Foraging for Wild Foods in the Bay Area

If you want to eat locally, you might need not look any farther than your own backyard.

Over the past decade, Bay Area food enthusiasts and restaurateurs have espoused the virtues of buying local, organic ingredients. But more recently, foodies have taken this movement to the next level, foraging for wild foods in local parks or their own backyards and gardens.

Foraging saw an uptick in popularity beginning around 2009-­­2010 and has been gaining momentum ever since, said local forager Kevin Feinstein. He believes this resurgent interest stems from “people realizing that we’re highly disconnected from our food and from nature.”

“I think it’s one of the best ways to reconnect that there possibly is,” said Feinstein, who lives in Walnut Creek and leads wild food walks in the Bay Area. On his forays, Feinstein leads groups of about 20 around local parks, pointing out edible plants ranging from miner’s lettuce to wild artichoke to mustard flowers.

Many of these tours are provided through the organization ForageSF, which hosts dinners, classes and private events revolving around locally gathered foods. Iso Rabins, the founder of ForageSF, has made it his mission to support local foragers and the local food community.

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By picking greens throughout San Francisco and diving for seafood along the coast, Rabins said he wants to “show people that the world is bigger than they think it is.”

“Nature isn’t just something you should look at through glass, but something that you can actually interact with,” he explained.

Iso Rabins of ForageSF picks nasturtiums in a local park.
Iso Rabins of ForageSF picks nasturtiums in a local park. ( Katie Brigham/KQED)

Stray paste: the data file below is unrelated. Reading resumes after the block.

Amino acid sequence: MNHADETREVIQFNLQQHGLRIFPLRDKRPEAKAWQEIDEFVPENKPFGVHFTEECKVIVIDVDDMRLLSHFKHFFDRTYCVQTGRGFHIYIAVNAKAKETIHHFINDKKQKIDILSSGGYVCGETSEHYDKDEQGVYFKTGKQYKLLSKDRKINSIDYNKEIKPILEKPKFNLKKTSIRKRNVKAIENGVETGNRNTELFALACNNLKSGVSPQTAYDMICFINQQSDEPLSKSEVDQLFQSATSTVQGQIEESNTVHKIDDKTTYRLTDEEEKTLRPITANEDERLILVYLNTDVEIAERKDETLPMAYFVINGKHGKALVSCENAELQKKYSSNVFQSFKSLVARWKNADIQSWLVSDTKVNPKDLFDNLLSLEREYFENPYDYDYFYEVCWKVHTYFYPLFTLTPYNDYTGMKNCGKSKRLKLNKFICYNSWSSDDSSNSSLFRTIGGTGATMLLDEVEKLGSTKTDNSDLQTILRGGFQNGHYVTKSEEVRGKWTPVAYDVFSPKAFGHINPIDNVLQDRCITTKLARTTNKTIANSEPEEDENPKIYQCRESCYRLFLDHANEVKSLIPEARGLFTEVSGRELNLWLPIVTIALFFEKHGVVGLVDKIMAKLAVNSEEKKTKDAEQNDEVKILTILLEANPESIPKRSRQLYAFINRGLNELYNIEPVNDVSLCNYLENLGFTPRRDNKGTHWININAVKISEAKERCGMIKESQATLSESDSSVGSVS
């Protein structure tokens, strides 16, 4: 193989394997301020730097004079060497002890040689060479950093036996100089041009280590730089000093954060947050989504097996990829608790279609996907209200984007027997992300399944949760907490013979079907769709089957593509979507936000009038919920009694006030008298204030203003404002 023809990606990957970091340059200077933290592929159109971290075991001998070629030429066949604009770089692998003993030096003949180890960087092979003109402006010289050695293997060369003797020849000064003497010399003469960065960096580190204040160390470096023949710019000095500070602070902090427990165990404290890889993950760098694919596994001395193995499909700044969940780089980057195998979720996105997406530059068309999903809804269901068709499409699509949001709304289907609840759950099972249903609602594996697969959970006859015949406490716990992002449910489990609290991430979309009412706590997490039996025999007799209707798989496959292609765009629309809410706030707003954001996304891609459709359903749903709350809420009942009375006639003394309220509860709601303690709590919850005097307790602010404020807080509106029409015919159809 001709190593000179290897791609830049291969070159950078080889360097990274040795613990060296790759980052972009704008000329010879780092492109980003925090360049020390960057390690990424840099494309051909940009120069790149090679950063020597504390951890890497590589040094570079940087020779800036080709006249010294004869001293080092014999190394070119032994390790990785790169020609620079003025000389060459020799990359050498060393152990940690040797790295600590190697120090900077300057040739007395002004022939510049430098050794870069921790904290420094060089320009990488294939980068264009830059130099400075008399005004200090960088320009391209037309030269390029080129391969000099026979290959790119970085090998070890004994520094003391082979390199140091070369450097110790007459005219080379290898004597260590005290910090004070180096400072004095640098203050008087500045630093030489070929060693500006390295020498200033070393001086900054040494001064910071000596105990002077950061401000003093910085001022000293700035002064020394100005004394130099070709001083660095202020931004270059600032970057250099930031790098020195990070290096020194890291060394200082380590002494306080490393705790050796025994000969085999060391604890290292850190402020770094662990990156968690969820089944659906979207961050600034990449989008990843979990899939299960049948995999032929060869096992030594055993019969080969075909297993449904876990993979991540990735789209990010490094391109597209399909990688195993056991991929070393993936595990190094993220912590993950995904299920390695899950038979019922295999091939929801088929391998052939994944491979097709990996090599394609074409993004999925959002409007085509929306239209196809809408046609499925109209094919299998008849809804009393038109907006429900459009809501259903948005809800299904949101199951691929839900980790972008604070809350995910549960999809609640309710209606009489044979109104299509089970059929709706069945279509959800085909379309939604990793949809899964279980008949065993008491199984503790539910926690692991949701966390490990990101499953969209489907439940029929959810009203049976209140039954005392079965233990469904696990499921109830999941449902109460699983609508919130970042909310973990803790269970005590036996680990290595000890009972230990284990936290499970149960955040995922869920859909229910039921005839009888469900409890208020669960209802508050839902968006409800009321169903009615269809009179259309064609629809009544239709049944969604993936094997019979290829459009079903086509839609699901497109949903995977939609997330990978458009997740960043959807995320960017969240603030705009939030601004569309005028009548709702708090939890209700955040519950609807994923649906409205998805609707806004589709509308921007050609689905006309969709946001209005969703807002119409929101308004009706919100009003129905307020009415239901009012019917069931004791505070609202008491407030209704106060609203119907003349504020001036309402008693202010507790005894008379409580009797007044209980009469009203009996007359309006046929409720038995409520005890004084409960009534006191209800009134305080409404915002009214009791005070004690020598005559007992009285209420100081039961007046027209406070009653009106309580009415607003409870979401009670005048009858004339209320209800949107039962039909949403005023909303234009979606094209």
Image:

Foraged Ingredients in Eight-Course Meal

Over Valentine’s Day weekend, Rabins hosted dinners on Saturday and Sunday night, highlighting foraged ingredients in each of his eight courses. From wild mushroom wonton raviolis to eucalyptus Campari Jell-O shots, Rabins explained the unique ingredients to his guests between courses.

“Just helping people make that leap -- to the idea that things in nature can be eaten -- is a lot of what we’re trying to do,” he said.

But while our ancestors foraged freely in the wilderness, today’s urban foragers must be secretive if they plan to gather food outside their own property. Removing plants from public or private land without permission is illegal, so foragers do not reveal the names of the public parks where they gather their food.

As the practice grows in popularity, Feinstein and Rabins hope that parks will find common ground with foragers, who often gather plants that are invasive or overgrown. “Instead of spraying the weeds with toxic herbicides that pollute the planet … instead we can eat the weeds to remove them,” Feinstein said.

Rabins thinks it’s only a matter of time before foraging is legalized and regulated. Feinstein said that the current popularity of foraging is more than a passing trend.

“People have been foraging since 99.99 percent of all human history,” Feinstein said, so he's not surprised such an ancient practice is back in vogue.

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“Time will tell whether it’s kind of a fad or not, but I don’t think so because it’s not new. … I think that people have been missing their connection to their place, and their food and the community that that brings about. So I think it’s here to stay.”

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